Obama's Iran charade

The shrill, militaristic Manichean worldview that brought us the Iraq war is gone -- except when it comes to Iran

Published May 30, 2012 7:20PM (EDT)

The main reactor at the Bushehr nuclear facility in Iran.    (Reuters/Raheb Homavandi)
The main reactor at the Bushehr nuclear facility in Iran. (Reuters/Raheb Homavandi)

The nuclear summit that concluded last week between Iran and six world powers was a ridiculous charade. The Obama administration never intended it to succeed. Its sole purpose was to placate hawks in U.S. Congress, ensure that Democratic donors keep writing checks during election season, and buy another month of time during which Israeli Prime Minister Benjamin Netanyahu will not be able to bomb Iran. In the meantime, American drivers can sit back and enjoy more $4-per-gallon gas.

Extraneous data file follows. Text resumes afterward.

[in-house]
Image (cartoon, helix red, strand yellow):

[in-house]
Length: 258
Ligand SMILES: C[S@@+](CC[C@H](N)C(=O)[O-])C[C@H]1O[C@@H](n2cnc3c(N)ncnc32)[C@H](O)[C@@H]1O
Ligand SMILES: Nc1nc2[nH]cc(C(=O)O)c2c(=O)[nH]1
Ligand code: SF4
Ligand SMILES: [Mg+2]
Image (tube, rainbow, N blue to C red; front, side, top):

The talks failed because the U.S. and the rest of the P5+1 (Russia, China, Britain, France and Germany) refused to take yes for an answer. The key issue on the table was Iran’s accumulation of uranium enriched to 20 percent – not a high enough level to make a nuclear weapon, but close enough that it would be much easier for Tehran to do so. Iran made it clear that it was prepared to stop enriching to 20 percent and to even ship its stockpile of enriched uranium out of the country, if the U.S. and the other powers agreed to relax the draconian sanctions they have imposed on the country.

This deal would have been a major diplomatic breakthrough. It would have greatly reduced Iran’s capacity to develop a nuclear weapon, defused tensions in the region, calmed the oil markets, driven prices at the pump down and made it impossible for Netanyahu to attack Iran. In a presidential campaign as tight as this one, a significant drop in gas prices could be the difference between Obama being reelected and Romney defeating him. So why didn’t the Obama administration take the deal?

The ostensible reason, piously mouthed by Secretary of State Hillary Clinton, is that the U.S. believes that the upcoming, even harsher round of sanctions on Tehran will generate even further concessions. According to this line of reasoning, Iran only came to the bargaining table because of sanctions, and more sanctions will produce better results.